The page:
No shame senior year: Marriages after Mac

By Sam Baker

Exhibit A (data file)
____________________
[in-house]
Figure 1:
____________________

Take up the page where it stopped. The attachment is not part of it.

One of the best stories I have ever been told came from an 80-something Macalester alum when I was making fundraising calls for the Annual Fund. He told me that every year he would pick out the prettiest girl in the freshman class and she would be his girlfriend. In his senior year, he was sitting in the library and he slid an index card to who he considered the cutest freshman. The note said, “Have coffee with me?” She wrote back, “Do you have a name, Stranger?” Clearly she was a clever Macalester girl. The two later married. While this alum told me stories of jumping out of windows when the girl’s parents came to visit, I could not help but wonder if our generation of Mac grads has the chance for a similar fate. Last year, I had heard a startling rumor that 60 percent of Macalester alumni marry other Macalester alums. After consulting the Annual Fund, I learned that the actual number is 18.7 percent. While not a majority, this number still appears to be high. It somehow seems unlikely that any of my relationships will amount to much in the long term, but as I look around our campus, it makes sense that roughly one fifth of us might find ourselves saying “I do’s” to another Macalester grad someday. For the other four fifths of us, however, we need not be hung up on a Macalester label. I have the sense that these relationships will not be similar to those we fill our lives with now. The people I imagine getting married are the pair of best friends who have flirted throughout college and might someday get it together, much to the celebration of their other friends who saw it coming all along. Or maybe you will fall for that guy who you never really thought of before, but is considerably more handsome and outgoing come our 10 year reunion. I think this alum’s experience highlights something important that we all would do well to recognize: Big rewards usually are only gained by big risks. Sometimes a great relationship just takes 20 seconds of confidence (yes, I am referencing the film We Bought a Zoo) to chase a girl out of Cafe Mac and ask her out. Other times it might require a bit of trust in fate. One summer, a guy from work called me to ask if I would want to come to his house and hang out that night. After weeks of rejecting him, I was still not convinced. I was hunkered into my apartment with a glass of wine and was watching Into the Wild, after all. But then he said, “I was thinking you could come over and we could watch a movie like Into the Wild or something.” I took the universe’s advice and found in him the best relationship of my life thus far. I worry sometimes that our Macalester generation (many of us with divorced parents, others with a lack of confidence due to previously failed relationships), has forgotten how to let ourselves fall for someone, madly and deeply. But for those who have known love, we know that that initial jump can be the best move we have ever made. As for marrying a Macalester man, I imagine it is more likely that I will meet a dashing ’07 grad when I go to some alumni event in whatever new city I find myself after this year, but I will let the powers that be figure that out for me. I think the point of the Macalester marriage myth (or reality?) is not that we will all marry someone from our class, but rather that Macalester both attracts and produces really cool individuals. And since cool people tend to date other cool people, it makes sense that Macalester alumni would find understanding and similar lifestyles in one another. The alum’s wife had died a few years ago and he said he was telling me this story because he had been looking through old photo albums just a few days before our phone conversation and found the index cards on which they wrote those first notes to each other so many years ago. Unprofessional as it might have been, I teared up at this. He reminded me to enjoy my time at Macalester and to also remember that love is really what this journey of life is about. Whether a Macalester marriage is in the future for me, I do not know (though I plan to attend a few friends’ weddings). I can recognize though that the environment that Macalester fosters is one in which I would be more likely to find people I am attracted to and I will certainly seek out similar environments in the future. Regardless of where I find love, I can’t help but hope that I remember the alum’s wisdom to put aside my studies and work when it someday hits me and let myself really fall when I meet the person with whom I want to share everything, even if that is just a cup of coffee to start.

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